(7)  on the ground of a disclosure by an employee of a wrongdoing within the meaning of the Anti-Corruption Act (chapter L-6.1) or on the ground of an employee’s cooperation in an audit or an investigation regarding such a wrongdoing;
(8)  (not in force);
(9)  (not in force);
(10)  on the ground of a communication by an employee to the inspector general of Ville de Montréal or the employee’s cooperation in an investigation conducted by the inspector general under Division VI.0.1 of Chapter II of the Charter of Ville de Montréal (chapter C-11.4).
An employer must of his own initiative transfer a pregnant employee if her conditions of employment are physically dangerous to her or her unborn child. The employee may refuse the transfer by presenting a medical certificate attesting that her conditions of employment are not dangerous as alleged.
1979, c. 45, s. 122; 1980, c. 5, s. 10; 1982, c. 12, s. 5; 1990, c. 73, s. 55; 1995, c. 18, s. 95; 2002, c. 80, s. 61; 2011, c. 17, s. 56; 2014, c. 3, s. 3.
122. No employer or his agent may dismiss, suspend or transfer an employee, practise discrimination or take reprisals against him, or impose any other sanction upon him
(1)  on the ground that such employee has exercised one of his rights, other than the right contemplated in section 84.1, under this Act or a regulation;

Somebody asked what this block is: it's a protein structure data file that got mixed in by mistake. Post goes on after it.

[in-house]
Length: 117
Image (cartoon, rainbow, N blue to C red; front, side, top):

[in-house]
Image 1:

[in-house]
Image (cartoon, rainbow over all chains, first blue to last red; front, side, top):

(1.1)  on the ground that an inquiry is being conducted by the Commission in an establishment of the employer;
(2)  on the ground that such employee has given information to the Commission or one of its representatives on the application of the labour standards or that he has given evidence in a proceeding related thereto;
(3)  on the ground that a seizure by garnishment has been or may be effected against such employee;
(3.1)  on the ground that such employee is a debtor of support subject to the Act to facilitate the payment of support (chapter P-2.2);
(4)  on the ground that such employee is pregnant;
(5)  for the purpose of evading the application of this Act or a regulation;
(6)  on the ground that the employee has refused to work beyond his regular hours of work because his presence was required to fulfil obligations relating to the care, health or education of the employee’s child or the child of the employee’s spouse, or because of the state of health of the employee’s spouse, father, mother, brother, sister or one of the employee’s grandparents, even though he had taken the reasonable steps within his power to assume those obligations otherwise;
(7)  on the ground of a disclosure by an employee of a wrongdoing within the meaning of the Anti-Corruption Act (chapter L-6.1) or on the ground of an employee’s cooperation in an audit or an investigation regarding such a wrongdoing.
An employer must of his own initiative transfer a pregnant employee if her conditions of employment are physically dangerous to her or her unborn child. The employee may refuse the transfer by presenting a medical certificate attesting that her conditions of employment are not dangerous as alleged.
1979, c. 45, s. 122; 1980, c. 5, s. 10; 1982, c. 12, s. 5; 1990, c. 73, s. 55; 1995, c. 18, s. 95; 2002, c. 80, s. 61; 2011, c. 17, s. 56.
122. No employer or his agent may dismiss, suspend or transfer an employee, practise discrimination or take reprisals against him, or impose any other sanction upon him
(1)  on the ground that such employee has exercised one of his rights, other than the right contemplated in section 84.1, under this Act or a regulation;